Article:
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Study reveals Cats are also susceptible to COVID-19
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Study reveals Cats are also susceptible to COVID-19

Beware pets! A study reveals that cats are susceptible to COVID-19, and are reported to be highly contagious. 

New reports reveal that cats, just like humans are also susceptible to the highly contagious novel virus- COVID-19. Two studies conducted in Japan and the US published their reports in the New England Journal of Medicine. The report highlights that cats are easily infected by COVID-19 and its also possible to pass on the virus to other cats. 

The study on COVID-19:

A study led by Yoshihiro Kawaoka and team from University of Wisconsin School of Veterinary Medicine administered human isolated COVID-19 virus in three cats. The following day, the team conducted tests using nasal swabs from infected cats. The virus was detected in 2 out of 3 cats, and 3 days later all the infected cats tested positive to COVID-19.

Once the cats tested positive, another cat was placed in each of their cages. The researchers did not infect these cats, specifically study if the virus was contagious among cats. Each day, researchers took nasal swabs from all six cats to check the presence of the virus. It was noticed that the infected cats started shedding the virus and within a week all 6 cats showed symptoms and started shedding the virus. 

It should also be highlighted that none of the rectal swabs contained the virus. similar to humans cats also shed the virus through the nasal passage. The cats did not portray any symptoms, and the virus was not found to be lethal.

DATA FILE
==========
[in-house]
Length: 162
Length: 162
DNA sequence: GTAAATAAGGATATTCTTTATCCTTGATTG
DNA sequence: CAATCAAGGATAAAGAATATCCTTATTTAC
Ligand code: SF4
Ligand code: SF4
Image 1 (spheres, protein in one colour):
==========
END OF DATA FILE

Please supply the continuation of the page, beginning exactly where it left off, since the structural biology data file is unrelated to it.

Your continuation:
“That was a major finding for us — the cats did not have symptoms,” says Kawaoka, who also holds a faculty appointment at the University of Tokyo. 

Can humans infect cats with COVID-19?

The findings from the lab also suggest that there is a high possibility of humans affecting their own cats. This can be supported by a study conducted at the Chinese Academy of Agricultural Sciences, where it was noticed that cats or ferrets can potentially be infected by humans through saliva or respiratory droplets. 

“It’s something for people to keep in mind,” says Peter Halfmann, a research professor at UW–Madison who helped lead the study. “If they are quarantined in their house and are worried about passing COVID-19 to children and spouses, they should also worry about giving it to their animals.”

Both the leading researchers of the study recommend patients tested COVID positive should keep distance and avoid contact with their cats. They further warned the cat owners to keep their pets indoors, avoiding contact with other cats to limit the possibility of infection. 

Humans still remain the biggest risk to infect other humans. There is no documented study to prove that cats can infect humans. There are however reported cases of humans infecting cats. For instance, according to the US Department of Agriculture, two cats in a private home tested positive for COVID-19. One of the infected cats was exposed to the virus through its caregiver who tested COVID positive. The cats showed mild symptoms and are reported to make full recovery.

The American Veterinary Medical Association recommends animal owners to include their pets in their COVID-19  protective planning, and advise them to keep a two week supply of food in handy for the pets in case of emergency. Additional planning should be made for quarantine and medical check-ups in case of pets being infected. 

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